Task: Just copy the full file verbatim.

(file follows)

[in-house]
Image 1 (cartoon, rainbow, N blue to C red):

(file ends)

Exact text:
[in-house]
Image 1 (cartoon, rainbow, N blue to C red):